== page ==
Be the solution to soil pollution
Seems as if gardeners head the field when it comes to keeping our soils healthy the organic way – this year’s slogan for World Soil Day is ‘be the solution for soil pollution’.
Soil needs to be “at the heart of the environmental agenda” and is an important factor in helping to limit climate change, the Campaign to Protect Rural England (CPRE) has claimed.
World Soil Day (WSD) is held globally each December 5 to raise awareness of the importance of healthy soil and the sustainable management of resources.
Industrial farming practices, poor land management and damage from development have contributed to soil being eroded, compacted and losing fertility, the CPRE added.
Failing to take action could “squander an irreplaceable and priceless natural resource”, the report said, as well as risking “food shortage, even famine, flood, polluted waters, declining nature and greater costs, inefficiencies and waste”.
Loss of topsoil
Inversion ploughing, overgrazing and compaction from heavy machinery has led to almost three million tonnes of topsoil being eroded every year across the UK.
An area of farmland the size of Yorkshire at risk of further erosion – more than one-third of all of the UK’s arable land.
The Back to the Land: Rethinking Our Approach to Soil publication sets out five recommendations:
- Rethinking farming practices
- Focusing more on conservation agriculture
- Pasture-based livestock farming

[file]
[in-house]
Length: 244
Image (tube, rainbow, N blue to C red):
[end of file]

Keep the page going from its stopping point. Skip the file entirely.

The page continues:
- Farming on rewetted peatlands.
Stopping soil degradation
The organisation, while praising the Government for showing “impressive leadership” on the issue, also urged politicians to “place a firm goal” to stop soil degradation by 2030, and set a new goal of net zero greenhouse gas emissions from agriculture by 2050.
Graeme Willis, CPRE senior rural policy campaigner said: “For far too long we have been ignoring the fragility of such a precious commodity. Only now is the Government starting to address the damage decades of neglect has caused.
“New agriculture policy must promote measures that support farmers to sustainably manage, protect and regenerate soils, and drive carbon from the atmosphere back into the ground.”
Last week Environment Secretary Michael Gove launched a new report into how climate change will affect the UK, which included a plan for farmers to receive payments for planting cover crops to protect soil and planting trees on agricultural land.
For more information, visit www.cpre.org.uk.
History of World Soil Day
An international day to celebrate soil was recommended by the International Union of Soil Sciences (IUSS) in 2002.
Under the leadership of the Kingdom of Thailand and within the framework of the Global Soil Partnership, Food and Agriculture Organization of the United Nations (FAO) has supported WSD as a global awareness raising platform.
In December 2013, the UN General Assembly responded by designating December 5, 2014, as the first official World Soil Day.
Why have a World Soil Day?
Soil pollution is a hidden danger under our feet – one-third of global soils are already degraded.
It’s an invisible threat, yet with the world’s population expected to reach 9 billion by 2050, soil pollution poisons our food, water and air.
Soils have a great potential to filter and buffer contaminants but this capacity is limited. Most pollutants, unsurprisingly, are generated by us – from unsustainable farming practices, industry, mining and untreated urban waste.
To battle soil pollution, join forces and turn determination into action. Be the solution to soil pollution. For more information, visit www.fao.org/world-soil-day/.